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In Vaccine Act Cases, Where Parties Agree on Injury, Factfinder Must Accept Injury


A 13-year-old boy underwent a complete physical examination. The boy’s doctor determined that the boy was healthy. Following the examination, the boy received the tetanus-diphtheria (Td) vaccine and his third inoculation of the hepatitis B (HepB) vaccine.

 

About 24 hours later, the boy complained to his mother that he was experiencing back pain and numbness in his hands. The boy’s mother immediately took the boy to the emergency room (ER). A board-certified ER physician diagnosed the boy with Guillain-Barré syndrome (GBS), a peripheral nervous system disease that causes descending paralysis from the upper to lower extremities. The boy’s symptoms rapidly escalated. Within hours the boy had difficulty standing or walking, weakness in his arms, and required catheterization. The boy was ultimately transferred to the pediatric intensive care unit of a children’s hospital.

 

Upon admission to the children’s hospital, the boy was described as presenting progressive neuromuscular deterioration and life-threatening respiratory failure. Over the next three months, the boy suffered from a variety of symptoms caused by his illness, including quadriplegia and acute respiratory failure. The boy was discharged from the hospital about three months after he was admitted. The boy’s diagnosis at discharge was transverse myelitis (TM), an inflammatory disease of the spinal cord.

 

TM and GBS are both diseases in which portions of the nervous system are demyelinated, meaning the protective covering that surrounds nerve fibers (known as the myelin sheath) is damaged. TM affects the central nervous system, which is protected by the blood-brain barrier. GBS affects the peripheral nervous system, which is not protected by the blood-brain barrier.

 

The boy’s family filed a claim for compensation under the National Childhood Vaccine Injury Act. The claim alleged that the HepB vaccine and Td vaccine caused the boy’s TM and GBS. In support of the claim, the family submitted affidavits from the doctor, who conducted the physical examination prior to the administration of the vaccines; the board-certified ER physician, who diagnosed the boy with GBS; and the general pediatrician and critical care physician, who treated the boy during his admission to the children’s hospital and ultimately diagnosed the boy with TM.

 

The Secretary of Health and Human Services filed a Vaccine Rule 4 Report indicating that the boy was not entitled to compensation because he had failed to establish, by a preponderance of the evidence, that either vaccine caused his condition. In support of the report, the Secretary submitted the expert report of a pediatric neurologist, who opined that the boy only suffered from TM, not both TM and GBS, and that the time interval – less than 24 hours between the administration of the vaccines and the onset of his TM – was too soon for one or both of the vaccinations to have caused his condition.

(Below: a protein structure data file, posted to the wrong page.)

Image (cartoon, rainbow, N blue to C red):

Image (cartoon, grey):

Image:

In response, the family submitted the expert report of a pediatric neurologist, who concluded that the boy developed both GBS and TM caused by a rapid adverse immunological response to both vaccinations. In response, the secretary filed an expert report from an immunologist, who agreed that the boy suffered from both GBS and TM, but disputed the family’s expert pediatric neurologist’s theory of causation and the timing. He opined that 24 hours was not long enough for either TM or GBS to develop from the vaccination.

 

The special master denied compensation. The special master determined that the boy only suffered from TM, not both TM and GPS. The special master then concluded that the boy failed to establish that the TM arose within a medically appropriate timeframe following his vaccinations.

 

The Court of Federal Claims vacated and remanded the decision of the special master. The district court concluded that the special master’s finding of a specific diagnosis was not in accordance with the law. The district court instructed the special master, on remand, to refrain from making a determination regarding the boy’s specific diagnosis.

 

During the pendency of the decision on remand, the Secretary filed a status report disclosing that its expert pediatric neurologist’s medical license was suspended during the time that the expert had provided the government with expert witness services in the case.